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HomeTopicsArts and CultureFinding The best coffee in Costa Rica: One slurp at a time

Finding The best coffee in Costa Rica: One slurp at a time

A strange symphony could be heard in the Wyndham Herradura Hotel ballroom in San José Wednesday morning. Spoons tapping on tabletops laid down a syncopated beat underneath a chorus of clinking ceramic cups. The melody? Very. loud. slurping. Like quick rips of velcro.

Slurping isn’t just for obnoxious kids. Experts say it’s the best way to taste and smell the full range of a coffee’s flavors.

All this week, a panel of international judges has been cupping Costa Rica’s best coffees to identify the beans worthy of the 2015 Cup of Excellence. The competition is sponsored by the Alliance for Coffee Excellence, a U.S.-based non profit.

The first Cup of Excellence prize was awarded in Brazil in 1999 and the competition has since spread to other coffee-producing countries in Latin America and Africa. Costa Rica has participated for the last eight years.

The prize is designed to inspire small producers to concentrate on growing coffee as a high-quality specialty product rather than as a bulk commodity.

The winning coffee from each participating country is put up for auction, drawing bank-busting bids from elite international roasters. Last year’s winner, Luis Navarro of Monte Copey in Dota, received $4,120 per 46-kilogram lot for his top-ranked coffee at auction in July 2014.

For perspective, coffee futures traded at $174 per 46-kilo lot in New York that same month.

Nearly 130 coffees were submitted for the competition from around Costa Rica this year. The top 60 moved on to judging by an international jury this week.

Noelia Villalobos, executive director of the Specialty Coffee Association of Costa Rica, said the national judges had never seen so many high quality coffees before. They had to raise the bar to pare down the selection to 60, as required by Cup of Excellence rules.

Costa Rica’s strong reputation for quality coffees has made its Cup of Excellence the most coveted event for international judges, Villalobos said.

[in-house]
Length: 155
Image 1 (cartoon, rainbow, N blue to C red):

Ted Vautrinot, a judge in this year’s competition and head roaster at Kéan Coffee in Newport Beach, California, first participated in the Cup of Excellence here in 2011. He said Costa Rican coffee was very good back then, but mostly followed the same profile: clean taste with lemony, milk chocolate notes.

“Now, there are four, five different profiles that are all great Costa Ricans,” Vautrinot told The Tico Times outside the cupping room.

Tasting something with the tongue only gives the judge half the picture, Vautrinot said: salty, sweet, bitter and sour (and umami, but it isn’t very common in coffee.) It’s the nose that picks up most of the coffee’s flavor.

“When you slurp its like squirting perfume in the air, it coats your palate and everything all at the same time. You smell it as you taste it, and that gives you a complete picture of what’s going on,” Vautrinot said.

Sascha Spittel, co-founder of Tres Cabezas Coffee Roasters in Berlin, Germany, said when he judged this week, he was looking for coffee that was unique but still true to Costa Rica. He said boisterous slurping was imperative.

“The louder the noise, the more intense, the more you can define the coffees,” Spittel said. “For people who hear it the first time it reminds them a lot of kindergarten.”

Spittel described the flavor profile he looked for in the coffees under review: “Clean, nice coffees with great acidity, great flavors and sweetness. It’s a mixture of a lot of things. Basically, it’s something out of the ordinary that still represents the uniqueness of Costa Rica.”

Vautrinot said that “something out of the ordinary” would keep people coming back to a particular coffee.

“It’s like any good wine or beer. If there’s not a lot going on there, it’s going to get boring really fast,” he said.

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